A key biblical image to describe the relationship of God and chosen people/church, the spirituality of marriage deserves more attention. Not just the spirituality of sex, though sex matters. These posts also include reflections on current social debates.
“Biblical marriage” is more complex and more rewarding than misleading infographics or neat slogans suggest, it should ideally reflect the nature of the Creator God.
Their wedded state is a huge part of what makes a married person who they are. So, marriage has huge spiritual importance.
Tim Bulkeley was presented with an Unsung Heroes Award for his teaching on the theology of family at a ceremony at the NZ Parliament Buildings in 2016.
Please note the scare quotes, Richard Beck is not an outsider, in church he is a committed leader, in the blogsphere he is a powerful voice. Yet, the debate about gay marriage has been framed and is largely conducted in the light of stances taken by professional biblical scholars, systematic theologians, ethicists and pastors. Richard is a psychologist, but one with a fine and catholic understanding of the Bible and christian tradition. As a psychologist one of the striking features of his theological writing is how he keeps rooting it in experience.
With that introduction (though I have been linking to Beck since 2006), here’s why you should read him today in The Icons of God in Marriage: Nature and Election he reframes the debate about gay marriage in ways that I find interesting noting what each “side” does to talk of the image of God in marriage. I had not thought about it that way, and I think the thought is worth more time for reflection.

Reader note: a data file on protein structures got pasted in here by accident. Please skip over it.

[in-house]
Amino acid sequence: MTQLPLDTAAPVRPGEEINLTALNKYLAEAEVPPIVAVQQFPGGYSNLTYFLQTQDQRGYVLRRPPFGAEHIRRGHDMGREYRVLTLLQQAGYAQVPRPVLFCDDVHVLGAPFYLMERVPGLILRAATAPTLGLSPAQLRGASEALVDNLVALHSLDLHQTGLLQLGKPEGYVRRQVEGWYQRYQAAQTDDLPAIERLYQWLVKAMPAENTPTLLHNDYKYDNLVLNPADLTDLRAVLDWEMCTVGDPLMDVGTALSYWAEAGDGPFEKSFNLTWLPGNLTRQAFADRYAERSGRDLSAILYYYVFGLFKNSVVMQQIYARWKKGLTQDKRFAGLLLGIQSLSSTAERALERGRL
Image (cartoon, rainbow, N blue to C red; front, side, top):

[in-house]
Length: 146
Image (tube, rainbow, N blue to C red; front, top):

NZ Christian Network have begun to produce a series of thought starters. Aimed to fit on one double-sided sheet of A4 (in PDF format for printing and folding). The goal is to be simple, clear, and to start people thinking. They call them “Notes“. So far they have:
S14-01 Secularism 101 – What it is, why does it matter and how to address it
M14-01 Marriage – Why it matters, where it’s heading and what we need to do
M14-02 Marriage – Towards a strategy for Building a Healthy Marriage Culture
S14-02 Secularism is religious – A gospel by any other name
M14-03 There’s more to marriage! – Is marriage for you?
The format is great for people who still live in the print age (like many church people, especially those too old to have grown up in the Internet and mobile ages).
Since I wrote the last one, I am delighted that they are also making them available in a format that’s more user-friendly for the e-age. As blog posts (with a Feed if you want to subscribe, mine is here, I hope the others will be appearing soon :)
Looks good to me on laptop, tablet and phone, how about you?
Paul Windsor had a fine post a few days ago, on living alongside the poor which should be required reading for anyone who will be living, moving or having their being where others are poor. This means all of us, unless we hermetically seal ourselves away and shut off the Internet.
Then this morning I read Richard Beck’s Widows and Orphans: On Evolution, Election and Love. Two posts that each gain depth from being read together :) If you have read one but not the other, please do read it now. If you have read neither, you have a double treat in store and plenty of thinking to do!
Paul is a Kiwi Evangelical living in India, who grew up as a MK in India, and trying to negotiate how to live, move and have his being in a place where the poor (often the extremely poor) are always with him. Richard is a psychologist who thinks deeply and creatively about Christian faith and life. Both will teach you much, and both will make you think and pray.
Two items relating to (mainly male, but see below) sexuality have been appearing on my Facebook feed. Together they have prompted this reflection, even if it should confirm Netguardian in their decision to filter this blog.1
The first concerns a man who during, a “mission” to free children and women from enforced prostitution2 committed the sin of adultery. This is the article Undercover investigator’s harrowing story. The issue being discussed was whether like Hayden Donnell (the author of the piece) we should see the man as a hero, or as a villain. Basically and crudely do we focus on his sin which (the story implies) wrecked his family, or on the children and women his actions save from degradation and suffering.